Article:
Being a chronicle of my first evening without power in a while.
We've never had major power problems at our house. Usually the lights go out a few minutes and then come back on without us calling to report an outage. Does make the smoke alarms beep and the cats scurry, but that's pretty minor.
In Louisiana, when you called to report a service outage, you got a busy signal. I always figured that indicated either A.) Other people were calling too or B.) "We know, we know, stop calling!" Either way, you could rest assured the problem was getting fixed.
In my idylic fantasy world, I envision a power company that looks like a James Bond villain's control center. There are lots of big screens and grids and when power goes out at my house there's a little blip that lights up on their screen, prompting a technician to notify someone who flips a switch and makes my lights come back on and my alarms beep and the cats scurry.
I don't think it really works that way.
In the dark
After a couple of hours, in which we determined all of the people immediately around us were also in the dark and the guy a couple of houses down was watching The Closer, Christine said: "Do you think we should call?"
"I dunno," I said. "The lights usually come back on, and besides either the neighbors have called or they've figured it out at the power company."
We decided to call anyway. I was starting to remember the movie "The Trigger Effect." Wasn't it a power outtage that pretty much made society break down in that flick?
"Have you checked your breaker box?" asked the customer service rep. No James Bond villain lair, just a woman in a headset in a cubicle farm, possibly in New Delhi.
"No," Christine said. "We kind of thought since the street lights and all of our neighbor's houses are dark that there might be a bigger problem."
"We'll take it under advisement," the operator said. "We cannot give you an estimate at this time as to when your lights will come back on." Gotta have some wiggle room.
"They're never off this long," Christine said. "Something bad must have happened?"
"Yeah, I saw that is this movie called The Trigger Effect," I said.
So I'm reading a Robert B. Parker novel by flashlight a while later, and I get a strange sense of deja vu: Bad experiences the first time I had power connected to our house. It was delayed and I had to spend a weekend on auxiliary power.
The guy who assigns crews skipped over us, and the rep I talked to explained: "He's already assigned his crews. He won't reassign them. He'll just put you on tomorrow's rotation."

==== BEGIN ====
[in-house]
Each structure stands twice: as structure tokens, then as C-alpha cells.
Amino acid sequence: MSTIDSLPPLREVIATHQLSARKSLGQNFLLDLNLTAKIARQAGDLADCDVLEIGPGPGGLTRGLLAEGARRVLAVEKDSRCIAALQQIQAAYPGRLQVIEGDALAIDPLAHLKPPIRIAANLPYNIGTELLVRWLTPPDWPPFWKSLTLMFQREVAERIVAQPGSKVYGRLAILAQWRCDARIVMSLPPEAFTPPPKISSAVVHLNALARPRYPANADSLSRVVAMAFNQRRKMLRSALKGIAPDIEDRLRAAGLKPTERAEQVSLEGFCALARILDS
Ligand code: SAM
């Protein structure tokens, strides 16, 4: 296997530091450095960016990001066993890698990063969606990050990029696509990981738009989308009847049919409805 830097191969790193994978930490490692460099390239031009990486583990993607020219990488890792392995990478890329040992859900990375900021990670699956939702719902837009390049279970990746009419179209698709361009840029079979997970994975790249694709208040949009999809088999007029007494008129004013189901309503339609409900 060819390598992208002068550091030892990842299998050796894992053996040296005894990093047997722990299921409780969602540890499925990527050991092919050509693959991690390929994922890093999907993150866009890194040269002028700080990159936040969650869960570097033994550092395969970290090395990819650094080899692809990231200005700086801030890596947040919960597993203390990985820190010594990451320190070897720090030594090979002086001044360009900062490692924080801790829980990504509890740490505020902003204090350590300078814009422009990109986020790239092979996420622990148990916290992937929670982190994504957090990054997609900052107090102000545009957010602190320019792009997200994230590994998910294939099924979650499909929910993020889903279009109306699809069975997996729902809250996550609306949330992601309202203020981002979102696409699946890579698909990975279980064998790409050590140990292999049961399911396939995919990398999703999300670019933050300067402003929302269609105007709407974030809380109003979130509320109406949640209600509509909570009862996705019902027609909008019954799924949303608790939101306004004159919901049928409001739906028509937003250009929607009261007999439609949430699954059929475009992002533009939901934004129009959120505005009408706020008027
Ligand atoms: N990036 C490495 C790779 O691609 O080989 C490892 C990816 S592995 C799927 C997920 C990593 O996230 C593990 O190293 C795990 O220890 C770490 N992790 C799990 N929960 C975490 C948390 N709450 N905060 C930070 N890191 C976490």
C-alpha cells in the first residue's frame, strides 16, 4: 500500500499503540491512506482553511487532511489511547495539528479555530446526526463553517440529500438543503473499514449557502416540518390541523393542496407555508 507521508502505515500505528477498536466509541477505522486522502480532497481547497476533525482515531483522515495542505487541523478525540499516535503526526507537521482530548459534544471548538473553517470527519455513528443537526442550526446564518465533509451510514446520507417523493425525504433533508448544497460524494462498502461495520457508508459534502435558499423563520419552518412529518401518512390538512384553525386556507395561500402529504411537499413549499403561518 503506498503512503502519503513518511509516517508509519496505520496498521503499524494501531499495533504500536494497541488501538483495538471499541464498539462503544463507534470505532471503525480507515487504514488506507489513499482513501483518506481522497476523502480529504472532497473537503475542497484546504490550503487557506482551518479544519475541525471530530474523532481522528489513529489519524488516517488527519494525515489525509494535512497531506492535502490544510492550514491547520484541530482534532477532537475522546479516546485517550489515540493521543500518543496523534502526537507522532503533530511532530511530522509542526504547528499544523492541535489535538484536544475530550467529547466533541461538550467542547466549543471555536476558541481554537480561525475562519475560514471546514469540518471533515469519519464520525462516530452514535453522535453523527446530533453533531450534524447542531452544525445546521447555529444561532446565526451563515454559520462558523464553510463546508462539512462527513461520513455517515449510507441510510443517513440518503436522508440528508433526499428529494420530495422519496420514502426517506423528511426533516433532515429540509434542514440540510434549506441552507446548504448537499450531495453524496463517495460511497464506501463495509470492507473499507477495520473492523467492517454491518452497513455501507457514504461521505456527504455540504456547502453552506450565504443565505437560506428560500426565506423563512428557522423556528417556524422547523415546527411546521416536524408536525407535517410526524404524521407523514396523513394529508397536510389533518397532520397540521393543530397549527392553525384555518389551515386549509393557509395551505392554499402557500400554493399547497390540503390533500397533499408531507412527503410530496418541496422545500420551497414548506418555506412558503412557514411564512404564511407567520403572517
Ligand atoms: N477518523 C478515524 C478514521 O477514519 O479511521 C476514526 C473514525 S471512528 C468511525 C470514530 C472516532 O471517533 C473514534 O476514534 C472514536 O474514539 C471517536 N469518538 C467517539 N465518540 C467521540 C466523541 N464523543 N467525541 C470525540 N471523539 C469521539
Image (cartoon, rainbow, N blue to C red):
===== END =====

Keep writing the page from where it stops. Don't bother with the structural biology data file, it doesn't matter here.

"Tomorrow's Saturday," I said.
"And he won't correct the problem today just because, what? He has no imagination? Think outside the box."
"Well you see, he's already assigned his crews..."
I figured if we were relying on that kind of bureaucrat they might be waiting until morning for action. After all he may already have had things fixed at the house of the guy who was watching The Closer. So I called New Delhi again.
"We have logged your report," the rep said.
"Yeah, but are you actually, you know, doing something about it?" I asked. "You didn't forget to fix our area when you fixed the others in our neighbor hood and then send the crew off on some unwavering path to other problems?"
"Your estimated time of having your lights back on is 1 a.m."
Flash forward another couple of hours. I'm in the back room at the Bada Bing. I don't know why. The phone rings and wakes me before Paulie Walnuts breaks my knee caps.
It's the service truck driver looking for the house. Guess my neighbors didn't call or at least didnt' call twice, or he wouldn't have called me.
I talked him through the neighborhood and he arrived at my doorstep.
"We're going to have a look at that box in your neighbor's yard."
"There's a box in my neighbor's yard?"
"What are they doing?"Christine asked as I watched them through the utility room window.
"Poking a box in the neighbor's yard with a stick."
"No wait now they're digging."
"The problem's a little more isolated than in The Trigger Effect," Christine said.
"Good thing, society would have broken down by now."
Forty-five minutes later, an hour ahead of the estimate, the service man, who was a nice guy and clearly was working all night, had my lights back on and the lights of all those around me. I guess you could say they had me to thank since we called first.
"I guess it could have been worse. Wonder what caused that?" Christine asked.
"I don't know, but we can check the paper in the morning," I said. "My editor when I was a reporter always used to say: `When people's lights go out, they want to read about it in the paper.'"
Geeze, I guess on that point he was right.